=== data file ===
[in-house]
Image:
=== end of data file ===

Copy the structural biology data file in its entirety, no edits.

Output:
[in-house]
Image: